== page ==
TWENTY20 was the makeover cricket so desperately needed and, almost fifteen years after its introduction, the sport is still benefiting from its flashbang face-lift.
It’s hard to remember a time before T20. As the cricketing calendar moves from the Big Bash to the World Cup to the IPL, the biggest dates across the globe are now reserved for reverse ramps and slow bouncers. New cricket fans are enticed by the fireworks of the shortest format; spellbound by the characters of the game; inundated with sponsors’ logos and tedious promotions.
Test cricket – the pipe-smoking elder statesman – sits a little more uncomfortably now, its status as the pinnacle of the sport called into question for the first time.
Pundits, plenty of them, have explained their fears that the rise of T20 is slowly eroding the cornerstone of the game. They worry that the money and glamour offered by 120-ball cricket is turning the world’s best players into mercenaries – globe-trotting slog merchants jet-setting from payday to payday.
There is an element of that – Chris Gayle is a case in point – but while romantics can continue to hold Test cricket on a pedestal, there’s a need to distinguish between the game’s various formats. And understand exactly the role each has in its future.
T20 is pure, unadulterated fun. The uncut kind. One hundred per cent proof. It’s a version of cricket that requires little appreciation of the game’s nuances. Sure, it requires a hell of a lot of skill and just as much showmanship, but it is blitzkrieg entertainment.
Let’s not forget, after all, that it was designed in 2003 by the ECB to fit into an evening after work and school; it was structured to reinvigorate county cricket and heal ailing attendances. It was never intended to be as big a part of the sport as it is today.
The first international match between Australia and New Zealand was played in the spirit of a beer match – retro kits, Dennis Lillee tribute sweatbands and all – and the gimmicks were more important than the game.
Now those same gimmicks aren’t necessary, despite the frequent sight of entire circuses on the boundary edge at various tournaments.
T20 has earned the right to be considered in the same league as 50-over cricket, to the point where calls have been made to do away with the longer one-day version in preference to its younger brother.
Switch-hitting, ramping, death bowling, power striking, range hitting, ground fielding and wicket keeping have all benefited, as players have been forced to adapt to a new cricketing age.
Those skills can be quickly and easily implemented into longer forms of the game and, while T20 cricketers continue to play Test match cricket, there will be persistent interest from spectators in all formats.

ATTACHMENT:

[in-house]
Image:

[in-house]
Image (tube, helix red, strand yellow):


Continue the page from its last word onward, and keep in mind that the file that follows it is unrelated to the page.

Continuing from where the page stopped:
It’s disrespectful to the global cricketing audience to suggest that appreciation for Test cricket isn’t there any more – and that it’s all T20’s fault.
Just because we live in a world of limited attention spans, dictated by superfast broadband, smart phones and 24-hour rolling news, it doesn’t mean that supporters can’t understand the physical, strategic and psychological demands of the five-day game.
At 28 years old, I should be one of those supporters caught up in this wave of apathy with regards Test matches, if the most vocal cynics are to be believed. I was 15 when T20 arrived – impressionable and learning the game – but a decade and a half later, I’ll stay up through the night to watch the Boxing Day Ashes Test sooner than set an early-morning alarm for a T20 international.
Like any sport, cricket is at its best when it becomes theatre and Twenty20 just gave the game another genre.
T20 fans, believe it or not, are able to enjoy Test cricket. And vice versa. But without T20, where would Test cricket actually be?
The format has captured the attention of big business in a way only one previous cricketing innovation – Kerry Packer’s World Series – ever has. It’s generated umpteen fortunes in ticket sales, TV rights and advertising revenue, and that money has been reinvested in the game.
Equipment has got better, facilities have improved, stadia have got bigger; the sport has grown because of T20 and will continue to grow for years and years and years to come.
Yes, with added wealth comes and increased likelihood of greed and corruption but to suggest cricket should turn down the money is a romantic notion conceived by those who care about little more than snoozing in the Lord’s pavilion.
If any sport is to progress it needs players to play it, supporters to support it and moneymen to finance it. Cricket, through T20 but not only in T20, has at least given itself a chance of longevity.
The West Indies is a case in point. Crippled during the early years of the new millennium by its young talent being lured to the big bucks of football and basketball, the shorter format has rekindled the islands’ love affair with the game.
Last month, they lifted the ICC Under 19 World Cup.
In Australia, interest in domestic cricket has skyrocketed with the success of the franchised Big Bash.
“A Big Bash game will do probably more in terms of TV ratings than a lot of the NRL (National Rugby League) and AFL (Australian Football League) Friday night games will do,” Network Ten head of sport David Barnham told the Herald Sun last year.
Sure, T20 might be a little ‘in your face’. It might lack subtlety. Hell, it might even seem disrespectful to more than a century of cricket history. But it’s a big part of the preservation of our wonderful game.
Those who detract from the formats past successes and future importance are choosing to ignore the role it played in revitalising the sport’s global appeal.
Twenty20 cricket might have been introduced as the quirky cousin but it is now very much part of the family. Reliable, dependable and devilishly effective, it will be with us for a long time to come.